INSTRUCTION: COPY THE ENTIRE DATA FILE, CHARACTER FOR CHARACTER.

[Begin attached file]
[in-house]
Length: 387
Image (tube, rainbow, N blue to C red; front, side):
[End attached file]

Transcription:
[in-house]
Length: 387
Image (tube, rainbow, N blue to C red; front, side):